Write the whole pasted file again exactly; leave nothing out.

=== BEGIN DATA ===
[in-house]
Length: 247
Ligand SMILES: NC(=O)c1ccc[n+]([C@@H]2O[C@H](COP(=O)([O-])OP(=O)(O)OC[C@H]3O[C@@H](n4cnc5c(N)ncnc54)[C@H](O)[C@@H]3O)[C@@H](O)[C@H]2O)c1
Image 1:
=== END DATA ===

[in-house]
Length: 247
Ligand SMILES: NC(=O)c1ccc[n+]([C@@H]2O[C@H](COP(=O)([O-])OP(=O)(O)OC[C@H]3O[C@@H](n4cnc5c(N)ncnc54)[C@H](O)[C@@H]3O)[C@@H](O)[C@H]2O)c1
Image 1: